Functions - Increasing and Decreasing Functions Increasing and decreasing functions are two special classes of functions; mostfunctions do not fall into either category but it is important to understand which oneeach function falls into. When we look to the left, we see three functions: the graph of f of x, which is the redgraph; g of x, which is the blue graph; and h of x, which is the yellow graph. You'llnotice that as one moves along the x axis and looks at where one is on a particulargraph, one climbs up (positive) on f of x but falls on g of x. The graph of g is always falling as I move along the x-axis. The graph of h has afalling period and then an increasing period. We say that f is a strictly increasingfunction. We say that g is a strictly decreasing function. And it turns out that h isneither. As we often do as mathematicians, we are not satisfied with just visualdefinitions. On the right, we've plotted several functions, with their derivativesindicated by blue and red arrows. Let's take a look at what these variables represent,and how we can derive the intuitive definitions of these functions from the symbolschematics. Recall that the red arrows indicate increasing values, while blue arrowsindicate decreasing values; h indicates that a variable is neither increasing nordecreasing. If f is a function from the real line to the real line, and f can stand in for any of thesefunctions, we say that f is strictly increasing if—a condition that may be difficult tounderstand. Whenever two inputs, a and b, have a relationship that a is less than b,it must be that the output f_of_a, f_of_b also have this same relationship. Let's check that f is strictly increasing. For example, if this is the point a and this is the point b,notice that a and b are less, a is less than b. So look up here, there is f_of_a on thegraph, there's f_of_b. And notice that this relationship is the same for both functions.This means that the function f is strictly increasing. We say that f is strictlydecreasing if whenever a is less than b, the order of relationship flips the output, sof_of_a is greater than f_of_b. The blue line that you see here is actually true, but ifyou look at the blue line, you will notice that g_of_b is less than g_of_a. The twofunctions are getting closer together and g_of_b is always going to be less thang_of_a no matter where we pick a and b. Now we can find the value of h. First, notethat the function g is strictly decreasing. Second, since g is strictly decreasing and ifwe take a and b, where a < b and g(a) > g(b), then h(a) > h(b). On the other hand, if we substitute a and b with the numbers we have here and lookat where each value hits the graph, h_of_a is actually less than h_of_b. Therefore,there's no consistency in our values. Let's take a look at some examples of what thismight mean in practice.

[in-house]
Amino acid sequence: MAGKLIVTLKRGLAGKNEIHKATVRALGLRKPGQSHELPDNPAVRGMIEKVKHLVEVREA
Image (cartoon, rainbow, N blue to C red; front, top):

So when we consider the function f(x) = 2 to the x. Then we considered g(x) = 3 tothe minus x, and one you've seen before which is h(x) = x squared. Now let's figureout which of these are strictly increasing, which are strictly decreasing, which areneither. Over here, our axis. And let's first start by drawing the graph of f(x) = 2x tothe X. This is called an exponential function. The variable x is in the x-position. Let'schart out our table of values and see what that looks like. If x is zero, this is x and this is f(x), if x is 0, then we have two to the 0, which is 1.And here's the 0.01. X is 1, we have 2 to the 1 equals 2; x is 2, we have 2 cubed, or8. Shoots all the way up there. X is negative 1: 2 to the minus 1 is 1 over 2 to the 1,which is 1/2; and so on. The graph of f(x) = 2 to the x is asymptotic to the x-axis,which means that it approaches but never reaches x = 0. The graph is strictlyincreasing, which means that its slope (gradient) is positive for all values of x.Okay, let's figure out the graph of g(x) = 3 to the minus x. We can make a table ofvalues to come up with an equation for the line. Here we have x and g(x). The value0 is included in the table since it is a point on the line. We see that g(0) = 1.Therefore, when x = 0, g(x) = 1. The pattern here is going to go steeper and thenflatter like so (more steeply initially). Therefore, we can state that g(x) is strictlydecreasing over its domain. Let's draw the graph of h(x) = x2 in yellow. So let's see that it should go through thepoint (1,1) and (-1,1). Now h is not strictly increasing or decreasing on the entire realline, but only on the interval from zero to infinity. In other words, if we restrict